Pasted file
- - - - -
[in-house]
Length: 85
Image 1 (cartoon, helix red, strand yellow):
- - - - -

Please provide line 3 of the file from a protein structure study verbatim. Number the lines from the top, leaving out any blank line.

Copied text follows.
Image 1 (cartoon, helix red, strand yellow):